The Greek yogurt company had humble beginnings just ten years ago when it started production in an old Kraft yogurt manufacturing plant, but now has an estimated worth of $3bn.
Ulukaya said he would transfer up to 10% of shares if the company is sold or goes public, which means employees could take home an average of $150,000, and those at the company with longer tenures potentially receiving over $1m.
Ulukaya has a history of sharing his wealth with others. In 2015, he signed the Giving Pledge committing to donate the majority of his personal wealth to others, starting first with refugees.
Ulukaya donated $700m to Kurdish and other refugees and hired 600 refugees to work for Chobani in the US. Chobani also donates 10% of its proceeds to the Chobani Foundation, an organization that donates to several charities.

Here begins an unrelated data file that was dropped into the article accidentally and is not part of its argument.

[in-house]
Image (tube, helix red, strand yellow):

Ulukaya stressed that the motivation behind the program is to pass along the wealth that he and Chobani workers have built together. In an employee memo obtained by DairyReporter, Ulukaya wrote, "For us, it's always been about giving back -- making our communities stronger, giving people opportunity and access."
The "Chobani Shares" will be given to every full-time Chobani employee and are designed as an incentive reward to continue to drive the Greek yogurt company forward.
“This isn’t a gift. It’s a mutual promise to work together with a shared purpose and responsibility, to continue to create something special and of lasting value.”